U.S. Supreme Court October Term 2007

The Supreme Court began its 2007 term in October. In recent years, the Court has reduced the number of cases it accepts for review. As a result, there are fewer cases the Court has agreed to hear that have implications outside the realm of criminal law. That being said, the following is a collection of civil cases that are likely to have a significant impact on our clients and their business practices.

The Supreme Court began its 2007 term in October. In recent years, the Court has reduced the number of cases it accepts for review. As a result, there are fewer cases the Court has agreed to hear that have implications outside the realm of criminal law. That being said, the following is a collection of civil cases that are likely to have a significant impact on our clients and their business practices.

Commerce Clause

Department of Revenue of the Commonwealth of Kentucky v. Davis (Case No. 06-666)

The Commerce Clause of the United States Constitution vests in Congress the sole power to regulate interstate commerce. The Supreme Court has held that this provision limits the states’ ability to regulate activities that involve interstate commerce and has specifically prohibited the states from discriminating against out-of-state commercial activity in most contexts. Davis raises the question of whether a state violates the Commerce Clause when it taxes the interest earned on bonds issued by other states but not on bonds it issues itself. The Court of Appeals for Kentucky determined that Kentucky’s decision to tax extraterritorially issued bonds but not domestic bonds constituted a per se violation of the Commerce Clause.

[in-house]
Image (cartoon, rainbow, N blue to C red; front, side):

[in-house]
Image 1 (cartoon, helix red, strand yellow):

Supremacy Clause

Rowe v. New Hampshire Motor Transport Association (Case No. 06-457)

The United States Constitution states that federal law shall be supreme over the laws of the states. The Federal Aviation Administration Authorization Act of 1994 specifically limits the states’ ability to regulate motor carrier operations, including airlines and express delivery companies, in order to ensure that there is a uniform system of legal restrictions for the industry. The State of Maine enacted legislation that placed limitations and requirements, not required by federal law, on companies with respect to the delivery of tobacco products in order to restrict deliveries to minors. The Maine statute required, for example, that packages that contain tobacco be marked accordingly. This case requires the Court to determine to what extent a state may regulate the activities of a motor carrier in light of the federal statute.


LaRue v. DeWolfe, Boberg & Associates, Inc. (Case No. 06-856)

The Employment Retirement Income Security Act (ERISA) governs the administration of various retirement and pension plans. It states that “a civil action may be brought … by a participant … for appropriate relief” against “a fiduciary with respect to a plan who breaches any … duties imposed upon fiduciaries [who] shall be personally liable to make good to such plan any losses to the plan resulting from each such breach.” It generally has been recognized that a plan participant may bring a claim against a plan fiduciary to recover losses suffered by the plan as a whole. This case addresses whether an individual may bring a claim against a plan fiduciary for losses suffered only by the participant. The Fourth Circuit’s decision that the plan participant could not bring a claim for the losses suffered by his personal account conflicts with the decisions of the other courts of appeals that have addressed the issue.


Sprint/United Management Co. v. Mendelsohn (Case No. 06-1221)